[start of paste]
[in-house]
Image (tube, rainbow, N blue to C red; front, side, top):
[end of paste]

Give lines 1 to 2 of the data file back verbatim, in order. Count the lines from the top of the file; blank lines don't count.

[in-house]
Image (tube, rainbow, N blue to C red; front, side, top):